A Book Worth Reviewing: All the Light We Cannot See

by Miranda Brumbaugh

Finally. I've finished it! I only say this in excitement because I had to borrow the book copy of "All the Light We Cannot See" by Anthony Doerr from the library. This Pulitzer Prize winner entailed getting on a wait list a hundred readers long. Once I got the copy in hand, this gave me 21 days to finish it--no renewals possible. I also cut corners by getting on the eBook waiting list, and lo and behold, both versions became mine within the same week. 

Highly recommend doing that if you have a read that everyone else wants to read, too.

Reading like a beast, I did, I devoured the words on those 531 pages. What I wouldn't give to read books this great Every day.

all the light we cannot see by anthony doerr

Remember Readers: Content is King

When reading a book, what you want is a story, not just some action-packed, no feeling fluff. The story here whipped everyone else's tail:

  • Based in France and Germany during World War 2, the story follows two children, both living completely different lives.

  • A blind French girl lives alone with her history museum caretaker father who is Father of the Year.

  • A German boy living in an orphanage with dreams of being a scientist as a way to escape his horrid future, as a coal miner who would no doubt die in the same suffocating manner as his own dad, hundreds of black feet deep. 

The story follows these two children as they experience two completely different sides of the war. One child is forced to the front as a Nazi in Germany. The other child blindly battles the demons of isolation, abandonment, starvation in Saint-Malo.

How this story keeps itself from becoming the darkest thing since sliced pumpernickel is through the plot.

Saint-Malo after the 1944 bombing

Saint-Malo after the 1944 bombing

Pushing Forward with the Plot

The first thing the author did to keep the tension tight, but not strangulation level, is by cutting chapters into 1 or 2 pages. You read, you absorb, you pause, then if time and emotions permit, you move forward at your own pace. 

The next thing Doerr did is write like a champion. I have never read so many different versions of action verbs used in a single book, all working their magic to bring the story to life. Then the descriptives.


Here's a passage to describe Dr. Geffard:

p. 29 "...Dr. Geffard, an aging mollusk expert whose beard smells permanently of damp wood. Dr. Geffard will stop whatever he is doing and open a bottle of Malbec and tell Marie-Laure in his whispery voice about reefs he visited as a young man: the Seychelles, Belize, Zanzibar. He calls her Laurette; he eats a roasted duck every day at 3 p.m.; his mind accommodates a seemingly inexhaustible catalog of Latin binomial names."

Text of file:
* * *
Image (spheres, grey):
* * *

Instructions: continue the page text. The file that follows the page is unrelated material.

This, my reader, is not your average "His name was...he had brown hair and blue eyes and loved walks along the seashore at sunset." This. This writing by Doerr illuminates the story in such a way that your emotions have no choice but to climb on board and take this trip wholeheartedly.  

And this, This introduction to Werner, the Nazi-to-be: 

p. 24 "Werner and his younger sister, Jutta, are raised at Children's House, a clinker-brick two-story orphanage on VIktoriastrasse whose rooms are populated with the coughs of sick children and the crying of newborns and battered trunks inside which drowse the last possessions of deceased parents: patchwork dresses, tarnished wedding cutlery, faded ambrotypes of fathers swallowed in mines."

This tells you so much more than just the character. It tells you of the social structure, the dire straits, of the child who would find very few paths in his future, forcing him into a life indescribable. 

Then we get to the scenes. OK, so it seems we must have read everything there is to read about the horrors of Holocaust, right? This time period has been hashed out in literature, nonfiction, films and graphic novels.

Yet "All the Light We Cannot See" takes every single thing we haven't talked about during Europe in WW2 and brings it to the surface. You'll read scene after scene detailing very real events that you simply haven't read about or thought about before.

It is uncanny, I tell you.

A must read, if there was ever a must.